# Tagged Questions

A important extensive property of all systems in thermodynamics, statistical mechanics, and information theory, quantifying their disorder (randomness), i.e., our lack of information about them. It characterizes the degree to which the energy of the system is *not* available to do useful work.

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### Is information entropy the same as thermodynamic entropy?

Context In one of his most popular books Guards! Guards!, Terry Pratchett makes an entropy joke: Knowledge equals Power, which equals Energy, which equals Mass Pratchett is a fantasy comedian ...
11answers
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### What is entropy really?

On this site, change in entropy is defined as the amount of energy dispersed divided by the absolute temperature. But I want to know: What is the definition of entropy? Here, entropy is defined as ...
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### Proving that the Boltzmann entropy is equal to the thermodynamic entropy

I've been trying to understand how we can equate the Boltzmann entropy $k_B \ln \Omega$ and the entropy from thermodynamics. I'm following the approach found in the first chapter in Pathria's ...
2answers
119 views

### Free expansion of an ideal gas

I am having trouble understanding the transient phase of an ideal gas expanding into vacuum. Firstly, the pressure of any gas is defined only when there is an instrument (barometer/ wall/ piston) ...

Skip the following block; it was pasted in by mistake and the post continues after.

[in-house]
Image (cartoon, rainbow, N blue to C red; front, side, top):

1answer
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### Which temperature does $T$ in Clausius inequality ($\oint \frac{\delta Q}T\le 0$) refer to?

I got a little confused about the temperature in Clausius inequality. As you can see in this answer of Luboš Motl, it seems that temperature is the temperature of the system. But in some answers of ...
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### Is the reciprocal of Entropy easier to understand? [on hold]

"A thermodynamic quantity representing the unavailability of a system's thermal energy for conversion into mechanical work, often interpreted as the degree of disorder or randomness in the system." ...
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### Please explain entropy curve [closed]

I saw this curve at a website, but I didn't understand it. What is the lower point of entropy, and what are the points A, B, and C? Thanks!
2answers
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### How to find entropy production of opening the windows in the winter?

Every time you open the windows in the winter (to bring in healthy and fresh air), room's warm air goes outside into Atmosphere. How to find entropy production of opening the windows in the winter? ...
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### Entropy of the cosmological constant and the laws of thermodynamics?

Convention The convention being used is: $A_{C} =$ The classical variable Premise Consider the following toy-model universe: A universe with a positive cosmological constant. Basic ...